6 books for kids and teens about alcohol and drug abuse
From Be Brave Little Turtle to An Elephant in the Living Room, here are six answers to the question, “What are some kid-appropriate books that share stories about loved ones struggling with substance use and abuse?”
- Be Brave Little Turtle by Darcy Pattison
- The Big Orange Splot by Daniel Manus Pinkwater
- A Terrible Thing Happened by Margaret M. Holmes
- Emmys Question by Jeanine Auth
- The Laundry List by ACA WSO Inc.
- An Elephant in the Living Room by Jill M. Hastings
Be Brave Little Turtle by Darcy Pattison
Be Brave, Little Turtle is an influential book that addresses substance use and abuse in a sensitive and age-appropriate way. It follows a young turtle named Timmy who is struggling with his mother’s substance abuse and the challenges it brings to their family. Through the support of his loved ones and community, Timmy learns how to cope with his feelings and seek help when needed.
The book can help children understand that it’s okay to have hard feelings and that it’s important to seek help when they need it. The book also promotes the idea that family and community support can be crucial in helping someone who is struggling with substance abuse. Additionally, the book’s illustrations and story are engaging and age-appropriate, making it a good choice for young children who may be struggling with similar issues in their own lives.
The Big Orange Splot by Daniel Manus Pinkwater
Many children might not know how to process their feelings when they discover a loved one is struggling with substance use and abuse. To help provide a better understanding, there are kid-friendly books available that share stories about individuals facing this common problem. One such book is The Big Orange Splot by Daniel Manus Pinkwater.
This book presents a story from the perspective of a young boy whose house is painted in an outrageous manner. Another great book for kids to read is “It’s Not Your Fault Koko Bear” by Vicki Lansky.
A Terrible Thing Happened by Margaret M. Holmes
Youngers are fragile in their minds; delving into the world of drugs and substance abuse is not easy, but through children’s books, it’s easy and convenient. A terrible thing happened in a book that does not discuss substance abuse directly; it, however, illustrates how devastating drugs can be.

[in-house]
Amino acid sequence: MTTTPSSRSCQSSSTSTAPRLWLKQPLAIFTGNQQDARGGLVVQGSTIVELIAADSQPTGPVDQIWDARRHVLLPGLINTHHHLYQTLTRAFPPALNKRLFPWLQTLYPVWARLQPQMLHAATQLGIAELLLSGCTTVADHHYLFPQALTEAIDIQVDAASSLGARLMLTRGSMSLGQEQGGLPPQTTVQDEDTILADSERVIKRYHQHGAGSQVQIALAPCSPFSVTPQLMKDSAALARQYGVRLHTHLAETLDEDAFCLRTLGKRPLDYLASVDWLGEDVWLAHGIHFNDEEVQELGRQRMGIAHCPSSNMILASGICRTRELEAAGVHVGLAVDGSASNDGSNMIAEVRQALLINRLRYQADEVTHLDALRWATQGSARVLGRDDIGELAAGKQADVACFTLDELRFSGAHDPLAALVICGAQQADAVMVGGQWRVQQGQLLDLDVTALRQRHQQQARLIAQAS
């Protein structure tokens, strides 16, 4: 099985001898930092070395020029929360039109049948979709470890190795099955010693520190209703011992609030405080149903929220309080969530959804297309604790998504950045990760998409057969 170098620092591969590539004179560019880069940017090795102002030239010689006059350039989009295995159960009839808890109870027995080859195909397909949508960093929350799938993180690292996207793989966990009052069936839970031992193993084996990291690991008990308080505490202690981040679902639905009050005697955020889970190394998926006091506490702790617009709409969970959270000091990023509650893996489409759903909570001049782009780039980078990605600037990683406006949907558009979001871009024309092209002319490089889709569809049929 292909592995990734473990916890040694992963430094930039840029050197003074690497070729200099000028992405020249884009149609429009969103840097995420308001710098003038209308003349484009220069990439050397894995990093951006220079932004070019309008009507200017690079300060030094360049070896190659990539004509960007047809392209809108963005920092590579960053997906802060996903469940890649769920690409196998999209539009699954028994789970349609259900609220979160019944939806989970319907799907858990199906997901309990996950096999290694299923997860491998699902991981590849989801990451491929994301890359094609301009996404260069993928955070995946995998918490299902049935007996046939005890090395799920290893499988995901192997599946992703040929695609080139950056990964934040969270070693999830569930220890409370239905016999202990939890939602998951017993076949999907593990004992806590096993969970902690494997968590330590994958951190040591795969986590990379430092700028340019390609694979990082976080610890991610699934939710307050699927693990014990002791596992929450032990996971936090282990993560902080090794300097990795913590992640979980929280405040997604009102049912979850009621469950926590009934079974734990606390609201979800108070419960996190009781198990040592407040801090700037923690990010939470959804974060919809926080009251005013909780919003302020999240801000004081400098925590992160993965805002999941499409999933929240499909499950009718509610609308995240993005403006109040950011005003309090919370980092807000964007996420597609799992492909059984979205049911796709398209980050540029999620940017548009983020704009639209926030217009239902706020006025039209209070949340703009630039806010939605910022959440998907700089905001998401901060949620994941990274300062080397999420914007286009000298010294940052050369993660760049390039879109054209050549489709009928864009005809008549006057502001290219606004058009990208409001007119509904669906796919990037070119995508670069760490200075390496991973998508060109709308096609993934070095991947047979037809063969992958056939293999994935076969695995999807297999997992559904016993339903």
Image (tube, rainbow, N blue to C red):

The book uses a character named Sherman to depict horrific experiences and traumas witnessed as a result of substance abuse. It, however, shows how seeking help through counseling and seeking assistance can deter one from suffering from substance abuse-related effects.
Emmys Question by Jeanine Auth
Emmy’s Question is a book by Jeanine Auth that tells the story of a young girl named Emmy whose mother is struggling with substance abuse. The book is written for children aged 4-8 and helps kids understand and cope with the challenges they may face when a loved one struggles with substance abuse. The book’s core is Emmy’s getting the answer to why her mother prefers alcohol over her.
In the process, Emmy learns about the effects of substance abuse and the importance of seeking help. She also discovers the power of love and support in helping a loved one overcome their addiction. The book is a heartwarming and sensitive portrayal of the challenges that families struggling with substance abuse face and provides a message of hope and support.
It can be a helpful resource for children dealing with similar issues in their own lives and can help promote understanding and empathy. Emmy’s Question is a must-read for children and adults of alcoholic and drug-addicted parents.
The Laundry List by ACA WSO Inc.
The adult child of an alcoholic and addict finds understanding and purpose in The Laundry List. This sheds light on a child’s difficulties while growing up in a dysfunctional family. The authors of the book do a superb job of explaining to the reader how the affected person’s experiences have had a significant impact on their interpersonal relationships.
A child cannot develop trust and wholesome relationships and attachments later in life if they do not experience love, attention, and affection as a child. Many people who have experienced this emotional abuse feel as though their own family doesn’t care about them or love them. Later in life, the impacted individual starts dating people who have escape routes; in other words, they allow no one to get close to them out of concern for potential rejection.
An Elephant in the Living Room by Jill M. Hastings
An Elephant in the Living Room is a workbook that describes the fear children often feel when they have to confront the alcoholic “elephant” in their family, depicting the tragic reality that is being deliberately ignored. The book reflects the childhoods of children with alcoholic relatives and helps them understand and face that reality. This is a safe and healthy approach to teaching children about stimulants.
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